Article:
Finally, it bears mentioning that much of this counter-Belt-and-Road vision runs contrary to the core “America First” philosophy that Trump himself has mostly kept to. For instance, it’s difficult to imagine Trump giving his imprimatur to “expand transparent, high-standard regional lending mechanisms” in Asia. Meanwhile, the creation of alternatives to China-led institutions like the Asian Infrastructure Investment Bank (AIIB) in itself seems misguided. After all, the AIIB itself was borne of China — and other states — having grown tired of waiting for its day at the World Bank and International Monetary Fund, organizations where the U.S. won’t be giving up its disproportionate influence anytime soon.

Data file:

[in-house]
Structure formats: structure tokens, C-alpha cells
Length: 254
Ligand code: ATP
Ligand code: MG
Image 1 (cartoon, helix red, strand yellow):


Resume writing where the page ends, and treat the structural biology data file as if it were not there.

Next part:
Despite all this, Trump’s upcoming Asia trip will no doubt serve as an important opportunity for the administration make clear just when the rubber will hit the road on these ambitious-sounding plans. We’ll have to wait and see for now.

Editor’s Note: The Diplomat‘s editors discuss Trump’s upcoming Asia trip on a recent podcast. Listen here.